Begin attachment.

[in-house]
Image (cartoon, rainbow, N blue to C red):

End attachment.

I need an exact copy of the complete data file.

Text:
[in-house]
Image (cartoon, rainbow, N blue to C red):